Aurochs Arising II: Killer Bull Gets 10K Per Gig

Full disclosure: I was a cow in another life

Time for the traditional summer Aurochs Arising update to examine the current state of the art in killer bull breeding!

Summer is the time of year with most deaths by bull in Spain, because most if not all of the victims are townsfolk celebrating their summer fiestas by dodging killer bulls. No, seriously.

As mentioned in the first Aurochs report, the strong link between the Iberian man and the auroch goes back at least to the days of the Cromagnons, and is thus imprinted in the native DNA. The thrill of feeling like a hairy hominid with a club running for the closest tree may be atavistic, but it is also strangely fulfilling… so long the aurochs doesn’t actually catch you.

Ratón relaxing at home after a long day goring yobs

It is still too early in the season to have much data (last year there were 4 deaths and 676 injured by bull in the Community of Valencia, where these celebrations are most common), but so far there has been one clear protagonist of the season, a killer bull with the unlikely name of Ratón (Mouse) who gave some drunken yob the full extreme prejudice treatment during the fiestas of Xàtiva in Valencia. Some footage of Ratón in action can be seen in this news piece on Spanish TV a few days ago. Note this piece does not include footage of the most recent goring, which was even more brutal than the ones shown here.

Despite the tragedy of yet another really stupid guy (he had been removed from the plaza for being completely smashed, but snuck back in) having to die to further the legend of Ratón the Killer Bull, what is of real interest is WHY this bull’s kill/wound ratio is high enough to command a cache of 10 thousand euros per gig, which is what his owner got paid the night the yob was bludgeoned to death.

The bull has a technique which is different and unique. Breeder Gregorio de Jesús compares his bull to Cassius Clay for its ability despite it’s size. “He’s agile, smart, fast. Very humorous. He’s no brute, like other bulls that go by instinct and bash into everything. This one likes to think, analyze and then attack.”

Ratón uses attacks that are uncommon, such as using his horns and forehead to bludgeon downwards, when usually bulls scoop and lift (which he does as well), and applying continued blows where other bulls would give only one. His killer instinct has so far chalked up two fatalities, the first one 5 years ago, and 30 gorings without death.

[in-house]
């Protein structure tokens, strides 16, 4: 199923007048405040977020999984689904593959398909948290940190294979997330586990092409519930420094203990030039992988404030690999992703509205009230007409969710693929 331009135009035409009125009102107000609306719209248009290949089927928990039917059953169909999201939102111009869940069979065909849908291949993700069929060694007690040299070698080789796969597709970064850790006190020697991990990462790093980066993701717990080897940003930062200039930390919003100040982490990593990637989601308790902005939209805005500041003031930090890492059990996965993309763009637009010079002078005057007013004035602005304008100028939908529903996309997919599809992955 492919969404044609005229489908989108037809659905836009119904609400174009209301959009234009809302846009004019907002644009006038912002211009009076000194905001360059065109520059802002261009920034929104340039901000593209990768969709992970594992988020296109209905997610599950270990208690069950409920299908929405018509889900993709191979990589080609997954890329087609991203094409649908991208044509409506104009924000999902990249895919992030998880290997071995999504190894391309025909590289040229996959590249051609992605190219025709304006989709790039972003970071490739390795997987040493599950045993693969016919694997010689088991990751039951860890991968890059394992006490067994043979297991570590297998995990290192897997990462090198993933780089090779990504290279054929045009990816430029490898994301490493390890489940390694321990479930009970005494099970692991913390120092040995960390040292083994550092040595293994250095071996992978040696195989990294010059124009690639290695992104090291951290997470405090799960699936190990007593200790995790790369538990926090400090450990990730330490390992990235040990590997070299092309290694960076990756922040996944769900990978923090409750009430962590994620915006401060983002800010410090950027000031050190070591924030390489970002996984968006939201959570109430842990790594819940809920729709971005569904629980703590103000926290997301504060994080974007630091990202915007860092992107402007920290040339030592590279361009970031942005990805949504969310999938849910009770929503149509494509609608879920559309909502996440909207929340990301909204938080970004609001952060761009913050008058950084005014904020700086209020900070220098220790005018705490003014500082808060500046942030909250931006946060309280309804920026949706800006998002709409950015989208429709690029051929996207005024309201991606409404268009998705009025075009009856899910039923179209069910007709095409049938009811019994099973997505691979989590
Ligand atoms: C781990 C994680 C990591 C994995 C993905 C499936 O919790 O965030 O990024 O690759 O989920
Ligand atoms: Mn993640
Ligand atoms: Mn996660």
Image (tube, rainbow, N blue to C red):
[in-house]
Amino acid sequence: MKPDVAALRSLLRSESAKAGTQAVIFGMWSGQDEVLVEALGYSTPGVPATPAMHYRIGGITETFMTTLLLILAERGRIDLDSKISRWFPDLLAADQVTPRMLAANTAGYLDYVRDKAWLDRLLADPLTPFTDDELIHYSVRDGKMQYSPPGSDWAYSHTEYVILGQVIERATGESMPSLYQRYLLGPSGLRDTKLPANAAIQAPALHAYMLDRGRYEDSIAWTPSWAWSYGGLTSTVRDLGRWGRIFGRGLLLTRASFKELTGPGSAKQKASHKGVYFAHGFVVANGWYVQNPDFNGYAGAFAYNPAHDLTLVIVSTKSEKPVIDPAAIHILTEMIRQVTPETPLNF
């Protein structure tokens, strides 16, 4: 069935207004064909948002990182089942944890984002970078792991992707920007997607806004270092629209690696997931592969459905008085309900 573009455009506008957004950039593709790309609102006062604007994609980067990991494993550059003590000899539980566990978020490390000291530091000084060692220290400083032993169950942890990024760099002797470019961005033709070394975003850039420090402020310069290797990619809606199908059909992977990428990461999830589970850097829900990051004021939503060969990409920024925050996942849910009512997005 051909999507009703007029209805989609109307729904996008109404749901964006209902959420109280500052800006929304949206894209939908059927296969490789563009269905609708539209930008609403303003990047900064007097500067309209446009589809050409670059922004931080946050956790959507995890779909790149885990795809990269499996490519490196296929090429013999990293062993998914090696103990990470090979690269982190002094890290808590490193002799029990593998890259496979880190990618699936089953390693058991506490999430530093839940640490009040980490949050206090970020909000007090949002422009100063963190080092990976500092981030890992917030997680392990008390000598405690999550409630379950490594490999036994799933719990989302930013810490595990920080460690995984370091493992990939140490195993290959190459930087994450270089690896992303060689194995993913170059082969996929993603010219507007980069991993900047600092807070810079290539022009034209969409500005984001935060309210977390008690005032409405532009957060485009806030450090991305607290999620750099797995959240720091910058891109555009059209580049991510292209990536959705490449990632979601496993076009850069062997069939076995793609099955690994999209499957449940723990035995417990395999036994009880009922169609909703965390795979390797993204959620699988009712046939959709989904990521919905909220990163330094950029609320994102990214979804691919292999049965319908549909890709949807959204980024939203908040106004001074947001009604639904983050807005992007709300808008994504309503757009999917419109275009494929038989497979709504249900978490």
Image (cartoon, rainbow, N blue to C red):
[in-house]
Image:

His cache is an order of magnitude above the average 1K fare, he only does 10 gigs a year when most bulls do hundreds, and, last but not least, he only plays venues where the bull is NOT sacrificed after the event.

According to his owner, Ratón is also a prime candidate for cloning. The true aurochs gene is recessive and elusive; cross after cross it gets hidden by the domestic cow genes to produce dumb placid bulls that are little more than steak with legs. Somehow, some way, it manifested in Ratón, which makes him not only more valuable than most fair bulls, but more valuable than most of the people he crushes, too.

If cows were grudge-bearing creatures, Ratón would be their avenger, their champion, eleven hundred pounds of bovine retribution against the oppressors. But it isn’t like that. The only party interested in the killer auroch traits is us humans, and only for the same old twisted reasons: death and money. The more the beast kills, the more it’s worth, which is commonly accepted as being “the way things are”, but is really just the way we are.

Well, that much is true. It was the Romans who invented the killer auroch business to feed the coliseums all over the empire and even in Rome itself. Today, in the era of organized sport competitons, bull baiting seems like what it is, primitive fun for primitive people, but if the flip side of the coin is preserving original genetic traits that belong to the species, let the bread & circus continue!

We may not be able to create employment or pay our debt, but we may very well live to see the mighty aurochs sillouhetted once again against the endless sky of the wild Iberian plains, running free and unhindered… except for the clone of Ratón. For him there’s still work to do at the coliseum, where the banksters and crooked politicos will get a chance to run like their hairy hominid ancestors as the hungry crowd cries out for more.

Portrait of Ratón by Tania Castro in El País

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